Agenda

6th February 1998 at 00:00
Q If there is no will on the part of the head to share power, where do we start? Ten years after the reform of governing bodies we have just been told by OFSTED that we play no significant part in the strategic direction of the school, that we do not contribute to its policies or monitor its performance. I am an experienced chair (local councillor and LEA nominated). Relationships all round are pleasant. We are kept informed about the activities of the children and welcomed to their events. Important documents such as the prospectus and annual report to parents are submitted for endorsement. Governors ask leading questions. They are told firmly but pleasantly that they are professional matters but that we shall have a full report, and the report is duly presented. Parents are resentful because they have been conned into a job which is just a charade.

A: I value your honest letter. I think quite a large number of schools are just pretending. I am equally sure that many governing bodies are beginning to understand and promote their strategic role, and I don't expect such big changes in attitudes and the distribution of power to take place overnight.

But like you I am sometimes disheartened when I realise that there are still many heads who behave as though the changes of the Eighties had never taken place. Other parts of your letter lead me to think that yours is also one of the few areas where the LEA don't exactly "think governor" either. In these areas power has not in the same full sense been delegated to schools, and officers tend to protect the head against "pushy" governors, where others elsewhere might actually step in in a case like yours, as I believe they should, to see the law is implemented.

If I am wrong about this, do try to bring such intervention about through the contacts you must have as a councillor. Ask the person responsible for governor training to give you an in-house session on roles and responsibilities - fully justified by your OFSTED report. That report indeed cannot be ignored, and you must insist that its findings in so far as they relate to governors are followed up strongly.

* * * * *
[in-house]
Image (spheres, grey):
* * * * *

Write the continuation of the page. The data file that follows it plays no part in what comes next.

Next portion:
You need clear distribution of tasks on the governing body - including an editorial team to ensure you write your own report to parents, and an understanding that head and staff will support the governors concerned in making a reality of them. You need some system of attachment of individual governors (to a class, a subject area or a period of duty) to ensure that every governor is committed to seeing the school at work on a regular basis. And you need to sit down - perhaps with help from a more active local governing body - to set out your requirements for a regular service of strategic information on school performance (across all its activity and across the full range of ability, and with breakdowns as appropriate to reveal the performance of particular groups). Your head just cannot oppose these moves in the light of the very clear OFSTED criticism.

Finally, have you personally perhaps become too associated through no fault of your own with a compliant style of involvement? If you have been chair for a long time it might be good to persuade one of the parent governors who is under "constituency" pressure to stand.

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